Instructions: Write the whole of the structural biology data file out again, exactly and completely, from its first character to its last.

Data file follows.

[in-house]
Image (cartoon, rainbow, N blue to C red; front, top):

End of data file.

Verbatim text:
[in-house]
Image (cartoon, rainbow, N blue to C red; front, top):